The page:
However the deficit, which followed a $335-million shortfall in November, came in much smaller than the $1.2 billion that economists had expected, according to Thomson Reuters.
Economists noted that strong exports of manufactured goods and mineral products offset a decrease in the value of energy exports due to the drop in oil prices.
"While a decline in the trade balance was expected for December, today's report provides a somewhat pleasant surprise as the underlying picture was more positive than expected," TD Bank economist Brian DePratto said in a note.
Statistics Canada said the deficit increased as merchandise imports rose by 2.3 per cent in December to $44.7 billion as eight of the 11 categories tracked posted gains.
Meanwhile, exports rose 1.5 per cent to $44.1 billion as they also posted increases in eight of the 11 sections, led by metals and non-metallic mineral products.
Import volumes were up 2.8 per cent, while prices were down 0.5 per cent. Export volumes rose 3.5 per cent, while prices declined 1.9 per cent.
Royal Bank economist Josh Nye noted the strength in exports likely reflects the positive impact of a weaker Canadian dollar and stronger U.S. growth.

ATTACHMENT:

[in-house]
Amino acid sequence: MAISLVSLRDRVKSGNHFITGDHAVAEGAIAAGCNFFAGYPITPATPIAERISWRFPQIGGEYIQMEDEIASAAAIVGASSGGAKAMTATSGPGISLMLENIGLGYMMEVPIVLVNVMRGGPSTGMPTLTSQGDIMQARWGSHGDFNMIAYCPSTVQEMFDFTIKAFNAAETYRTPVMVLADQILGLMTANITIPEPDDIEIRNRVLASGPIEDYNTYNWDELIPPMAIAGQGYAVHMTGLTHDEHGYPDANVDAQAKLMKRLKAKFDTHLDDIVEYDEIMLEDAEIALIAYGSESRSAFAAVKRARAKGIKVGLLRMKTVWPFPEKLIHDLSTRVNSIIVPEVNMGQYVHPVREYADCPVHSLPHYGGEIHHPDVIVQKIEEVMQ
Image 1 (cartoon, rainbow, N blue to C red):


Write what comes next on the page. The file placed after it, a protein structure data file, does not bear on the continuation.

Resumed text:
"Looking ahead, low oil prices will continue to weigh on nominal exports but a weaker Canadian dollar and stronger U.S. demand should help export volumes pick up further with trade expected to make a solid, positive contribution to growth in 2015," Nye wrote.
"This will be an important offset to the drag from lower investment in the oil and gas sector, supporting GDP growth close to potential in the first half of the year."
The Bank of Canada unexpectedly cut is key interest rate by a quarter of a percentage point to 0.75 per cent last month as it worried about the impact of low oil prices.
Many economists have since suggested that the central bank may cut the rate at its next rate announcement in March.
Regionally, imports from the United States rose 0.8 per cent to $30 billion in December, while exports were up 0.6 per cent to $33.1 billion, narrowing Canada's trade surplus with that country from $3.2 billion in November to $3.1 billion in December.
Exports to other countries increased 4.5 per cent to $11.0 billion in December, while imports were up 5.3 per cent to $14.7 billion, widening the trade deficit with the rest of the world from $3.5 billion in November to $3.8 billion in December.
For the full year, Statistics Canada says imports were 7.6 per cent higher in 2014 than in 2013, while exports increased 10.3 per cent.
That pushed Canada's annual merchandise trade balance with the world from a deficit of $7.2 billion in 2013 to a surplus of $5.2 billion in 2014.